Cogent analysis of the crusade for human rights—from its origins to its present status as a surprisingly influential movement that sometimes oversteps its bounds.
Prolific novelist, journalist, and historian Ignatieff (Virtual War, 2000, etc.) discerns the beginning of the human-rights movement in the antislavery crusade of the 18th century, after which it languished until galvanized into new life by the barbarism of WWII. Before that war, only states had rights under international law. The Universal Declaration of Human Rights of 1948 granted individuals the right to challenge unjust laws or oppressive customs. Most states (the USSR included) ratified this and other human-rights treaties, confident they would remain a pious set of clichés that could be ignored. In fact, movements such as Amnesty International wield a modest amount of genuine influence. The US and the UN ignored the subject for decades, dipped a toe into the water by criticizing South Africa in the 1970s, and now devote major, though often ineffective efforts to protecting human rights. Even dictators take notice—a bad human-rights record makes it difficult to get international loans or attract business. Despite its successes, the movement is under increasing attack from Asian and Islamic nations as well as many western intellectuals. The author gives a sympathetic analysis of its problems. Fifty years ago, oppressive governments were the chief human-rights villains. Today, the greatest abuse occurs in places where weak governments cannot maintain order, and anarchy rules: Rwanda, Kosovo, Somalia, Lebanon. Ignatieff urges the movement to pay more attention to the balance between the rights of states and the rights of citizens. His views ring true, and he writes lucidly. Unfortunately, his essays occupy only 100 pages; the volume is doubled by commentaries from four scholars who agree with Ignatieff on all except minor points but whose writing doesn’t match his own.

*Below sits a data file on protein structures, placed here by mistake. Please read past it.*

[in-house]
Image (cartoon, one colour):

Outrageously padded, but worth it for Ignatieff's contribution.